Coyotes are related to dogs and resemble a German shepherd. They have long, narrow faces and black-tipped pointy ears. Their long and bushy tails are held downward. The coyote's fur is light brown, brown, red, gray or a variation of these. Coyotes live throughout North America and down into Panama. Coyotes found west of the Mississippi typically weigh 15 to 25 pounds while those found east of the Mississippi weigh up to 40 pounds.
The Adaptable Coyote
The coyote's natural habitat is grassland, but he changes his diet, breeding habits and social behavior in order to survive in a new environment. He adapts to desert scrub, mountains, mesas, valleys, forests, swamps and populated neighborhoods. The coyote is an opportunist and goes wherever he can find food. He travels alone, in pairs or in small packs, covering an average of 100 miles a day with a range of 12 square miles.
Coyotes do not hibernate, but they do sleep and give birth in their dens. The den is a burrow dug under a tree, bush or ledge. Dens in populated areas are found under sheds or in storm drains. The entrances are usually well hidden. Coyotes breed in February and March with an average four to eight pups per litter. The mother stays in the den with the pups for their first 11 days.
The Coyote's Diet
Coyotes are scavengers and their diets change with the seasons. They eat birds, rabbits, rodents, lizards, insects, small mammals, including small dogs and cats, small deer, carrion, mesquite beans, cactus fruit, persimmons and even garbage. Coyotes are excellent hunters. They run up to 40 mph and have a superb sense of smell, hearing and eyesight. Coyotes often hunt alone for smaller prey and hunt in small packs to bring down larger prey, such as a deer.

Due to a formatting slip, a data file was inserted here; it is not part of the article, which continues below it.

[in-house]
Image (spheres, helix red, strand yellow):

Enemies of the Coyote
Coyotes have been hunted by man for more than 200 years. Man's construction and road building contribute to loss of habitat. Coyote deaths are caused by traffic. Coyotes are not attacked by many wild animals, but they are occasionally victims of bears, mountain lions and wolves. Coyotes can suffer from rabies, distemper, parvo and other diseases. They are often carriers of lice, mites, fleas, ticks, mange, heartworms and other parasites. Coyotes live an average of 12 years.
Karen Mihaylo has been a writer since 2009. She has been a professional dog groomer since 1982 and is certified in canine massage therapy. Mihaylo holds an associate degree in human services from Delaware Technical and Community College.